The concept of biomes and biogeographic realms
Major terrestrial biomes of the world as per the World Wildlife Fund (WWF) classification
To understand distribution and biotic components of different Biomes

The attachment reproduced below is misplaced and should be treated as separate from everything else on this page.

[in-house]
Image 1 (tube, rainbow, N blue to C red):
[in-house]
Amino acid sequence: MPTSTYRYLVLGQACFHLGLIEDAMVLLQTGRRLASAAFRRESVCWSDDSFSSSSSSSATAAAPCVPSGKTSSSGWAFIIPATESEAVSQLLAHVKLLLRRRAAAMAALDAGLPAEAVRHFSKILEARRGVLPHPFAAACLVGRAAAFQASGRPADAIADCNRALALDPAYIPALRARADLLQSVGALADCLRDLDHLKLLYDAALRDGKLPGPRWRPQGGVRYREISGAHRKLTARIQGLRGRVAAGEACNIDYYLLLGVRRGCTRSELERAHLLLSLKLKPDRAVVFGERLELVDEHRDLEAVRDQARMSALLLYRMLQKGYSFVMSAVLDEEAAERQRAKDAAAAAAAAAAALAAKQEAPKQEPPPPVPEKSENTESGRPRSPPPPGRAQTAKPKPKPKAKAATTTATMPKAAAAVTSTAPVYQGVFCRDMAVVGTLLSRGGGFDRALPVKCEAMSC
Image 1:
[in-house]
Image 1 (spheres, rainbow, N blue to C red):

Biomes are large geographical regions of earth which have characteristics types of biotic communities that are shaped by the climate of the region. On the basis of global analysis for conservation of terrestrial ecosystems, Olson et al. (2001) unified the biome concept. The terrestrial world has been divided into 14 biomes and eight biogeographic realms. Nested within14 biomes are 867 ecoregions that reflect finer regional-scale patterns of ecological organization that are shaped by local geography and climate, being different from one another by the unique collections of ecosystems and species assemblages that have evolved there (Hoekstra et al. 2005). The Biome Classification System has been developed by The Nature Conservancy and the World Wildlife Fund (WWF). This classification is being used by the National Geographic Society (www.nationalgeographic.com/) and the Millennium Ecosystem Assessment (www.millenniumassessment.org/). WWF defines an ecoregion as a "large unit of land or water containing a geographically distinct assemblage of species, natural communities, and environmental conditions". According to Olson et al. (2001), the 14 terrestrial biomes/ Major Habitat Types show the diverse types of organisms that are adapted to life on land, ranging from mangrove forests by the sea to the alpine meadows of the Himalayas. Biomes represent broad habitat and vegetation types and span across biogeographic realms. For example, the tundra biome is found in both Palearctic and Nearctic realms. Biomes are useful units for assessing global biodiversity and ecosystem services because they stratify the globe into ecologically meaningful and contrasting classes The eight biogeographic realms and the 14 major biomes (major habitats) are listed in Table 22.1 and illustrated in Fig.22.1. Each biogeographic realm contains a range of major biomes. The Indo-Malayan, Oceanic, and Neotropical realms are dominated by tropical forest and grassland biomes (Fig. 22.1). The polar realms (Palearctic, Nearctic) contain higher proportions of tundra and boreal forest. The Afrotropics are dominated by tropical grasslands. Oceania is composed mostly of low, tropical islands and is dominated by tropical forest and tropical grassland biomes.